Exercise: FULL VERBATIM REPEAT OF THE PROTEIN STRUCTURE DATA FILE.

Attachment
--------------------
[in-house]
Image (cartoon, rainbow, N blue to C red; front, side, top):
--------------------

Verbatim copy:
[in-house]
Image (cartoon, rainbow, N blue to C red; front, side, top):